July 2007 Ethics Dunces
L.A. Prosecutor Rocky DelgadilloHere's the problem: if you are going to insist that the law hammer a scofflaw celebrity in order to send a message, you have an obligation to be certain your own conduct is consistent with the message you want to send.
You see, Rocky Delgadillo, the Los Angeles prosecutor who jailed Paris Hilton for violating her probation when she drove with a suspended license, is the same Rocky Delgadillo who never mentioned a 2004 incident in which his wife crashed his own city-issued car …driving with a suspended license, just like Paris.
Michelle Delgadillo 's license was suspended beginning in July 2004 after her personal vehicle "bumped another car" earlier that year, according to the prosecutor's spokesman. Mrs. Delgadillo did not file a report to the state Department of Motor Vehicles, but the other driver involved in the accident did. When she didn't provide proof of insurance to the DMV, the prosecutor's wife's license was suspended. Shortly thereafter, Michelle Delgadillo crashed her husband's city-issued GMC Yukon into a pole. She got a ticket and paid a $186 fine, but was not cited, oddly, for having a suspended license.
"I realized that I should have spoken up earlier. That was a mistake," the City Attorney told a news conference. "I mishandled the situation and I apologize."
Tell that to Paris. Admittedly, spouses are not responsible for the conduct of their partners. When Yankee star Alex Rodriquez's wife decided to wear a T-shirt to a game that read "Fuck you," it implicated her understanding of civil public behavior, her regard for her famous husband's public image and Arod's taste in female companionship, but he was still ethically in the clear. But since Delgadillo apparently had stood by and let his wife avoid any serious consequences from almost exactly the same offense that he insisted Hilton pay for with prison time, an apology isn't good enough.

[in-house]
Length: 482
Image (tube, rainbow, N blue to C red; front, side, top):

Especially since his wife makes Paris look like a model citizen. You see, in 1998, a Highway Patrol officer charged her with driving with an expired Montana license, without valid registration and no insurance. When she didn't appear in court a month later for her arraignment, the judge in the case issued a $2,000 bench warrant that is still in effect! Under that warrant, Delgadillo is subject to arrest. It also should have stopped her from getting the California license that later was suspended.
So let's summarize, shall we? The prosecutor who said, in connection with his prosecution of Paris Hilton, "If law enforcement officials are to enjoy the respect of those we are charged with protecting, we cannot tolerate a two-tiered jail system where the rich and powerful receive special treatment," has a wife who chronically drives without a valid license and insurance, crashed a city-owned car while driving illegally, and has not responded to an outstanding bench warrant for nine years. If Paris deserved jail time, and she did, this woman should be clapped in irons. But Hubby has connections, you see.
Sadly, this kind of favoritism is common. That doesn't mean that there should not be serious consequences when it is discovered. Here is what needs to happen:
Then, and only then, is the Scoreboard interested in hearing Mr. Delgadillo's apology. Does the scofflaw conduct of her prosecutor's spouse give added weight to Paris Hilton's claims that she was treated unfairly? Absolutely not. But the message the prosecutor said he intended to send, that the rich, powerful and well-connected have to obey laws like everyone else, won't be delivered until his wife is wearing an orange jumpsuit and he's checking the Want Ads.